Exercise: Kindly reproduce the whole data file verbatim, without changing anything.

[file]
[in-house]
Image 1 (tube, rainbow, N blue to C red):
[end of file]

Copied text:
[in-house]
Image 1 (tube, rainbow, N blue to C red):